Before coming to university, I was studying International A-levels in Amman, Jordan. During my GCSEs, my mom, who is a remarkable industrial pharmacist in Jordan, took me to work with her one day, which developed my interest first in research. I then started researching more about Pharmacy and the different career opportunities it offers and I decided I wanted to go to university to study an MPharm course after my A Levels. I was the only one in my high school class that wanted to study outside of Jordan and therefore my school could not offer me A2 teachers. So, I took up the challenge and self-taught myself A2 Chemistry, Biology and Maths.
When I was searching for universities to study MPharm, Sunderland stood out for its high ranking in Pharmacy, its affordable tuition fees for an international student, its low-budget living costs and the fact it was a city by the sea. Sunderland presented me with great transport links; the metro which I could easily use to go to Newcastle, buses to go to nearby places like Durham and trains to go to other UK cities such as London. Moreover, the University lecturers are top-notch and have up-to-date knowledge of the clinical and industrial pharmacy fields.
My favourite part of the course was my dissertation. This involved researching the anticancer properties in medicinal plants to develop a medicinal plant garden and outreach centre for the Hylton Castle Restoration project. I loved doing the research, the challenges that it presented me with and I admired how supportive my supervisor was. This project confirmed how much passion I have for research, that I would love to get into following my MPharm degree. Another part of the course I loved was my pharmacy placements in Community, Hospital and GP practice. These placements helped me see how the clinical theoretical part of pharmacy is applied in practice and how much that helps to save patients’ lives.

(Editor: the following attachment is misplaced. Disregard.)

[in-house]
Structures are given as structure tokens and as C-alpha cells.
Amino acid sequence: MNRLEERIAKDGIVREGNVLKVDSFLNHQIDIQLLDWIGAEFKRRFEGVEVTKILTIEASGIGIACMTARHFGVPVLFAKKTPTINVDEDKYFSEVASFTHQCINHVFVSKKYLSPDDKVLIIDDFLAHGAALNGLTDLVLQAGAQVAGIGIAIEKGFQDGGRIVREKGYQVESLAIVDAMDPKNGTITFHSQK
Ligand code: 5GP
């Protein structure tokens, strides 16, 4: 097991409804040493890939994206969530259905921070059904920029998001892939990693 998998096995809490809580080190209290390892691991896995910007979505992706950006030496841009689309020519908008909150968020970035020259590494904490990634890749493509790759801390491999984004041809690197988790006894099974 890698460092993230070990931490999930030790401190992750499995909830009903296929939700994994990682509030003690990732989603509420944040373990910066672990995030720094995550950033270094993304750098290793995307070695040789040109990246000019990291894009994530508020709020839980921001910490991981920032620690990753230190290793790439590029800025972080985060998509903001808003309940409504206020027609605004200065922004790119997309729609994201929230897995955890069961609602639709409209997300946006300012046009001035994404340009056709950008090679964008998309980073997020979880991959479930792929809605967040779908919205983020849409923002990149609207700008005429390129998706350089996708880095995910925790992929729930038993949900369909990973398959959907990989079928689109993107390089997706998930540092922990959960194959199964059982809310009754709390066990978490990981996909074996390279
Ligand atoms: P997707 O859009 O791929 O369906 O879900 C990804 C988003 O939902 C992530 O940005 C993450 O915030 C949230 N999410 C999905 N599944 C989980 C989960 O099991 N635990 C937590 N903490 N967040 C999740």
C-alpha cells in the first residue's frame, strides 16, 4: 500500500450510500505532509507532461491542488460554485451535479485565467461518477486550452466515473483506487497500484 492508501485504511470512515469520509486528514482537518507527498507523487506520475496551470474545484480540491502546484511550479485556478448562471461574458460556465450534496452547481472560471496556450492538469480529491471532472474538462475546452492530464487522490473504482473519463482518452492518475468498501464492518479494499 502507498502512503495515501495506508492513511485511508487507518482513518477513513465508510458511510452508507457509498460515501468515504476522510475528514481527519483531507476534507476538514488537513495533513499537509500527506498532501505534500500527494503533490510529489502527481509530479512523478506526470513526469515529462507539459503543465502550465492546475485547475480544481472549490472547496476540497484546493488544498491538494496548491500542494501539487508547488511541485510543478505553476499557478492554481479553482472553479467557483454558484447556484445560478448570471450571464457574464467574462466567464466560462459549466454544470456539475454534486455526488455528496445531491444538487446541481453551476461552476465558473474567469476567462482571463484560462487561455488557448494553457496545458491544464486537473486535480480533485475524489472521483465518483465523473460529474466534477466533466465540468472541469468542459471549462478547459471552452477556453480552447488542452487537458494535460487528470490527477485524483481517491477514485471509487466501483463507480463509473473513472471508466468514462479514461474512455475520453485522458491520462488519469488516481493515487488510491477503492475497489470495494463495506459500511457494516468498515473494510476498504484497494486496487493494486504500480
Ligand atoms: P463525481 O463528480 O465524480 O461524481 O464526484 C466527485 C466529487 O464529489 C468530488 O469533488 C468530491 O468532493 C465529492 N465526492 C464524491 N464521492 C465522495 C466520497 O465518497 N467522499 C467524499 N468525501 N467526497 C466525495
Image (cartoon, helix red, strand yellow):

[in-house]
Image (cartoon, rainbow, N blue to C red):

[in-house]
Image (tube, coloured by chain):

After graduation, I am going to start my multi-sector pre-registration pharmacy position with NHS Wales in Community, Hospital and GP practice. It is a great opportunity where I will experience the pharmacy field in the three main areas of Clinical Pharmacy. In the future, I am looking forward to continuing working as a Clinical Pharmacist in one of the three areas and hopefully also to get into research.
My advice to future Sunderland pharmacy students would be to use every chance to self-improve; get summer internships, work part-time in a pharmacy or hospital if possible, or volunteer. Get to know the pharmacy world yourself, not based on what people say. Always try to be positive and hard-working; it is not going to be easy, it will require lots of hard work and sacrifices but remind yourself why you are here, how much it will be worth it in the end and never hesitate to ask for help and support from your lecturers and the University support services.
My time at Sunderland was remarkable! The University has enabled me to challenge myself during my course, to get pharmacy and non-pharmacy related internships, to work part-time as a student ambassador, to be a student representative and to also play Basketball with the University Women’s Basketball team.
I will never forget one of my lecturers’ outlook for pharmacy; “Pharmacists are the hidden superheroes” and from the stories I have heard from my lecturers, such as how last minute changes to medicines prescribed have led to saving patients’ lives, I believe that is 100% true.”
Published 15 January 2021